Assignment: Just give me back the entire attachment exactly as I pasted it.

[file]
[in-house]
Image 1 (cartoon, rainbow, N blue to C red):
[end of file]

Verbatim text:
[in-house]
Image 1 (cartoon, rainbow, N blue to C red):